Intelligent Repeatable Release Hold Back Bar (IRRHB)
Navy SBIR FY2008.1

Sol No.: Navy SBIR FY2008.1
Topic No.: N08-014
Topic Title: Intelligent Repeatable Release Hold Back Bar (IRRHB)
Proposal No.: N081-014-0216
Firm: Michigan Aerospace Corporation
1777 Highland Drive
Suite B
Ann Arbor, Michigan 48108-2285
Contact: Jon Coffer
Phone: (734) 975-8777
Web Site:
Abstract: The Repeatable Release Holdback Bar (RRHB) is a device that is used to hold aircraft in place just prior to launching them with a catapult. These bars are about 3 feet in length and attach to the front landing gear and hold it to a cleat on the flight deck. Once the catapult is fired a pre-determined force is reached and the holdback bar lets go of the aircraft allowing it to be accelerated down the deck. There have been some problems in the past with these holdback bars letting-go of aircraft prematurely, caused by worn parts or a failure of the bar to be properly reset after a previous launch. The result is that the aircraft moves down the deck unexpectedly and too slowly for a successful launch. Michigan Aerospace Corporation (MAC) proposes a way to record the number of shots fired on the bar, read the force acting on it during each launch and monitor reset conditions. In doing so, money can be saved in preventative maintenance by detecting early signs of a failure. During use, the holdback bar goes through high shock loads, which MAC is well-equipped to address in the design of this new system.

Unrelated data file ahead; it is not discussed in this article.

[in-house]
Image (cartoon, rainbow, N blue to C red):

Benefits: Intelligent RRHBs will increase crew safety by decreasing the need for crewmembers to be near the holdback bar for manual checks and inspections after each catapult shot and by preventing premature releases from occurring. Intelligent RRHBs will also decrease maintenance costs by indicating when maintenance is needed before an expensive and dangerous failure can occur. Civilian shipping, tractor/trailers, cranes, heavy transport, bulk containers, and manufacturing machines like drop forges are some of the markets that would benefit from the technology developed for the holdback bars. In civilian shipping, where cables are used to tow ships or barges, a rugged strain gauge could be implemented to obtain real-time loads on the lines, providing warning of sudden tensioning and guidance to the tugboat operator. For tractor-trailers, loads imposed on the trailer hitches could be fed directly to the trucks' on-board computer networks. Cranes would be another great application for measuring loads. Real-time data could be displayed to the crane operators of the amount of loads being subjected to the cable system during heavy lifts. A drop forge machine could use the intelligent holdback bar technology to keep a log of the force that it hits at as well as the number of times it hits the material.